Oh, and ravens will eat pretty much anything: from small, already-dead mammals to bird eggs and fruits. I’m with Poe in finding these birds a little on the creepy side. Their deep, gurgling croak is enough to raise the hair on my arms.
At the end of the day, as we walked back to the truck, a rooster flushed. Having played guide that day, I was the only one in our group who hadn’t gotten my limit. This one was mine. The rooster came down the draw towards and past me. I fired once, twice, then I fired my last shell. On the third shot the rooster folded.
When he served them up, the steaks looked pretty typical: browned on the outside, with a pink strip in the center, just how I like ‘em. I wasn’t prepared for how it would taste. I couldn’t believe it. I finally had to ask, “What are we eating?”
Bats are interesting and largely beneficial animals that provide important “ecosystem services.” That is a fancy way of saying they eat lots of harmful bugs for free. They can eat half of their weight in forest and crop pests every night.
I’m not sure how either one of us made it down that slope without a broken ankle, nor who was more excited, me or the dog, but after retrieving the bird we both sat down for a good twenty minutes to catch our breath, admire the bird’s beautiful plumage, and enjoy what I’ll always remember as a perfect moment.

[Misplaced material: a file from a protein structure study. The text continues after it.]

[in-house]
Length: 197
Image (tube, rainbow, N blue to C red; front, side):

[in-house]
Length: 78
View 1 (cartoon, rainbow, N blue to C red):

I would like to invite you to think about making your own adventures in the backcountry, though not all at once, I might add, because there is nothing better than feeling that you are fishing an untouched lake or moving in on an elk bugle that actually came from an elk.
In addition to an unforgettable experience and the opportunity to put delicious food on the table, the Slam Program offers rewards to hunters who are successful in harvesting various upland game species.
DWR stocks 12,000 rainbow trout and 5,000 tiger trout every year into Red Creek Reservoir. The rainbows are stocked in mid-June and the tigers in early July. Red Creek Reservoir can actually yield some pretty impressive growth, and the condition of the fish has been good.
Newer research has shown an additional factor: water and air temperatures play a big part in fish survival. Fish, especially cold-water fish like trout, are more likely to die when they are caught and brought up into warm summer waters.
The main questions for fisheries managers are whether or not the growing population of chub will compete with sport fish for food and/or space, as has been observed elsewhere, or whether chub can be effectively controlled by trout populations.
Boreal toads are more active at night, so we’ll be surveying breeding sites after dark using headlamps. Food and sleeping arrangements at one of our remote cabins in west Box Elder County will be provided! The work typically does not end until after midnight.